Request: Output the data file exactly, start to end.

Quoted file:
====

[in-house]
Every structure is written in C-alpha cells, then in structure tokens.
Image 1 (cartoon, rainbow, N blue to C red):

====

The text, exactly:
[in-house]
Every structure is written in C-alpha cells, then in structure tokens.
Image 1 (cartoon, rainbow, N blue to C red):